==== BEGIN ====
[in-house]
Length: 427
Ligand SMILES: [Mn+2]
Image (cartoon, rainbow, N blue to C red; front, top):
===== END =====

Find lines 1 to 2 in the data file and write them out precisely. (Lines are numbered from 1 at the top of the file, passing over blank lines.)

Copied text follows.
[in-house]
Length: 427